Turkey, Armenia hold normalization talks in Moscow
Turkey and Armenia held talks for the normalization of ties in Moscow on Jan. 14, the first since 2009 to restore relations between the two neighboring countries.
Turkey’s special envoy Ambassador Serdar Kılıç, a former ambassador to the U.S., and Armenia’s special envoy, deputy parliamentary speaker Ruben Rubinyan, met in Moscow to draw a road map aiming to repair ties after years of animosity between the two neighbors.
The normalization process suggests the establishment of diplomatic ties, the opening of sealed borders, and starting economic, trade and transportation projects between the two nations.
As part of confidence-building measures, Turkey will resume the charter flights to Yerevan, while Armenia decided to lift an embargo on Turkish goods.
Although the first meeting took place in Moscow, Turkey says it wants direct talks with Armenia without the mediation of third parties.
Ankara and Yerevan have had no diplomatic ties, and Turkey shut down its common border in 1993 in show of solidarity with Azerbaijan, which was locked in a conflict with Armenia over the Nagorno-Karabakh region. Since then Turkey and Armenia have had no direct trade routes. The indirect trade amounts to nearly $3.8 million in 2021.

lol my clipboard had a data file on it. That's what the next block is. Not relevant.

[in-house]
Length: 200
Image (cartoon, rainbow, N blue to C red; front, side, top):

In 2009, Ankara and Yerevan signed the “Zurich Protocols” to establish diplomatic relations and reopen their joint border, but the agreement was never ratified because of opposition from Azerbaijan.
Last year, Turkey strongly backed Azerbaijan in the six-week conflict with Armenia over Nagorno-Karabakh, which ended with a Russia-brokered peace deal that saw Azerbaijan gain control of a significant part of Nagorno-Karabakh.
This development provided an impetus to normalize ties between Ankara and Yerevan. Turkish officials have said Ankara would proceed with the normalization process between Turkey and Armenia in coordination with Azerbaijan.
The two countries are at odds over various issues, primarily the 1915 mass killings of Armenians during First World War, as Yerevan says the killings constitute a genocide
The decision to launch talks between Turkey and Armenia has received the backing of Russia, the United States and France, the Minsk Group, as well as other leading Western nations and international organizations.